NYC’s Crackdown on Illegal Cannabis Shops

Imagine this: a group of smoke shop owners in NYC, lacking the necessary licenses, are now in a legal battle with the Adams administration. They’re asserting that the city’s recent crackdown on illegal cannabis shops is trampling on their constitutional rights. These owners have taken the bold step of filing a federal class-action lawsuit in Brooklyn, contending that the city’s raids, which have resulted in the closure of numerous shops across the city, are infringing on their due process rights.

This legal battle is the city’s latest challenge as it strives to close down unscrupulous dispensaries, while New York State is still grappling with the regulation of legal marijuana sales. Mayor Adams has been advocating for a citywide crackdown on weed since 2022. Now, he’s been given the go-ahead to take action under the state’s ‘Operation Padlock to Protect Plan,’ a key component of Gov. Kathy Hochul’s budget proposal.

The plan includes the “Cannabis Emergency Rule,” which basically lets the City Sheriff’s Office inspect businesses selling weed without the proper paperwork and shut them down on the spot. The operation kicked off last month, and officials say they’ve already seized over $10 million worth of products and fined these shops more than $20 million.

Cannabis Emergency Rule Hits a Snag

But the weed sellers who are getting hit by this crackdown on illegal cannabis shops are crying foul, saying their rights are being trampled. The lawsuit says that letting the Sheriff’s office swoop in and lock up shops they think are selling weed without a license is a violation of the owners’ due process rights. Even though the shop owners get a hearing within five days of being shut down, the folks suing argue that the Sheriff gets to make the final call on whether the shop stays closed for good.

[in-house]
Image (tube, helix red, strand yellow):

The lawyer representing the shop owners said that closing down these smoke shops is just plain wrong and that letting the Sheriff have the final say is not how due process is supposed to work.

The lawsuit also brings to light the collateral damage, with innocent business owners being ensnared in the conflict. For instance, a spa and a bike shop were forced to shut down because they shared a gate with an illegal dispensary that was padlocked by the NYPD in its crackdown on illegal cannabis shops.

But even with this lawsuit, the Adams administration is still patting itself on the back for cleaning up the city’s weed scene. A City Hall spokesperson said that “Operation Padlock to Protect” is all about shutting down illegal weed shops while helping legal cannabis business owners thrive.

Oh, and according to the state’s Office of Cannabis Management, legal weed sales for the year are expected to top $200 million this month.

Landlords or Tenants who would like to discuss their potential liability can contact the Wright Law Firm at (212) 619-1500.